Isn’t it amazing how some illness starts with a sneeze or an ache. At first you blow it off as a fluke or crappy day. Then, before you know it you’re at the Dr.’s office wondering why you feel like you’ve been run over by a herd of elephants.
For many, knitting starts the same way. With something small, harmless and relativley inexpensive like a hat, washcloth or baby blanket. None of these projects take up a lot of room, time, money or emotion.
Once the first project is proudly completed, there is a slight twang of emptiness. Longing, if you will, for something new, something more luxurious or challenging. So another project is planned, pattern is picked out, a trip to the LYS is planned and made, yarn and needles are purchased and the project is started. The knitter is still under the illusion that once this project is complete they will move on to other things. Ok. Sure.
Project #2 two is well underway and the knitter unexplicably starts to itch for a something new. Project #2 has lost it’s sheen, and the needles fall silent. Another project comes across their path. It’s siren call is to much to resist. Again, a trip to the LYS is made, purchases are made and this project is started.
Other priorities are set aside. Laundry begins to pile, “on your own” meal night increases in frequency. Planned dinners will include cereal, pizza, and chinese take-out (although delivery will be preferred). Bedtime is adjusted from 10pm to 1am. The family begins to worry, just a bit.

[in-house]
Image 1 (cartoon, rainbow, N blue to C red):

Project #2 is lovely, but the knitter has to pay full attention to what they’re doing. It takes a large amount of concentration and dry snack food to get through this project and the knitter is getting a bit restless. Feeling tired and technically drained, the knitter longs for a simpler “filler” project. A project that they can knit without thinking.
And the cycle begins. Just like a cold or the flu goes from one person to the next , so do the projects in knitting. Never satisfied the knitter keeps on knitting. Completing a few projects and starting more. They fill their evenings with Knit Nights and search for Open Knitting days at their local LYS.
Yes, knitting is like an illness. There is no known cure, no inoculation, no vaccine. Unlike illness, knitting brings pleasure mixed with pain to those who partake in it. It lowers bloodpressure, strengthens the mind, lubricates the joints, socializes the person, and increases the quality of life. Knitting is the perfect disease.